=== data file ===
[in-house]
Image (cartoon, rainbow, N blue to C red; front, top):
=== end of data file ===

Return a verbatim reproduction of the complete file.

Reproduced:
[in-house]
Image (cartoon, rainbow, N blue to C red; front, top):